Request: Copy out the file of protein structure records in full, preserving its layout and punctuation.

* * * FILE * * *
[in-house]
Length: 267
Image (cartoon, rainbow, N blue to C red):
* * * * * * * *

[in-house]
Length: 267
Image (cartoon, rainbow, N blue to C red):